One of the great things about EM is we’re constantly striving to learn and improve. A nearly universal technique for doing this is the post-incident or exercise review. A.K.A. the hotwash. However, like any meeting, a hotwash has to be properly facilitated in order to achieve its objectives. If you lose control of it, the benefits can be diminished and relationships damaged. I should know as I have had a few get away from me in the past. Some I was able to recover. Others it was like a car spinning out of control on a snowy highway. You know it’s going to stop, but you aren’t sure where you’ll be when it does.
In the first part of my EM career working in state government, I dreaded hot washes. After every nuclear power plant dry run and exercise, we’d gather people, who’d just spent 6 hours together in a small room, in a slightly larger room, and ask what went wrong. From the way the question was asked I’m sure it won’t be a surprise to learn these sessions became a litany of pain. First, legitimate process issues and miscommunications would be raised. Then, someone would call out someone else for an error, who then felt the need to defend their actions. Once that dust-up settled down the complaints about the food, room temperature, and the lack of trash cans (the person who raised this issue was using the “missing” trash can as a footrest the entire exercise) would begin. After this much unrestrained “sharing” I’m sure you won’t be shocked to learn no one wanted to see each other for a long time, let alone take the lead on fixing issues.
This cycle of pain would have continued if I hadn’t been fortunate enough to attend a course at the Naval Postgraduate School. One of the sessions in the course focused on a process called appreciative inquiry. What I took away from this is that high performing organizations and individuals don’t focus on errors. They focus on what they did right, what success looks like, and the steps it will take to achieve success. My first thought was “touchy-feely BS”. Then the presenter showed us the data, and examples from real-life implementations in free-spirited organizations like the U.S. Navy. So I figured I’d give it a shot.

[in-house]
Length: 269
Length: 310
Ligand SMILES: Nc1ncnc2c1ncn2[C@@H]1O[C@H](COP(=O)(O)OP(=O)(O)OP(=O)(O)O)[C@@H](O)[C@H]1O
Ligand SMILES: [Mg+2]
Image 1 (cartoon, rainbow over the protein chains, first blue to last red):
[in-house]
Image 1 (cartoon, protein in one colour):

The first exercise after the class I changed food vendors (the food had sucked) and during the hotwash introduction made it clear that room temperature was beyond my control. Additionally, we were going to focus on the processes and procedures we were using, not the people in the roles. Individual performance problems would be addressed by managers off-line. Our concern was if we plugged anyone into the position could they succeed at the job. Lastly, I instituted a process where you had to give a positive along with your negative. When negative feedback was voiced, I asked follow-up questions about how it could be fixed. What would it look like if we’d done it right?